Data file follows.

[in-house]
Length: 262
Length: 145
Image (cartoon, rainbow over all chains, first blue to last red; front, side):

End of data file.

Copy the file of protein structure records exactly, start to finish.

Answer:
[in-house]
Length: 262
Length: 145
Image (cartoon, rainbow over all chains, first blue to last red; front, side):